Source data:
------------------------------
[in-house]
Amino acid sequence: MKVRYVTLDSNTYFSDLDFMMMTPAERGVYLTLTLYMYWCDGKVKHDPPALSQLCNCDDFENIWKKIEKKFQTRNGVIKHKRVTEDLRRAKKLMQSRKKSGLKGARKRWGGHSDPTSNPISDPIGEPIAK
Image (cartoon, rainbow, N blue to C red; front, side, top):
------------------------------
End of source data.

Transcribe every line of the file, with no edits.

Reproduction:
[in-house]
Amino acid sequence: MKVRYVTLDSNTYFSDLDFMMMTPAERGVYLTLTLYMYWCDGKVKHDPPALSQLCNCDDFENIWKKIEKKFQTRNGVIKHKRVTEDLRRAKKLMQSRKKSGLKGARKRWGGHSDPTSNPISDPIGEPIAK
Image (cartoon, rainbow, N blue to C red; front, side, top):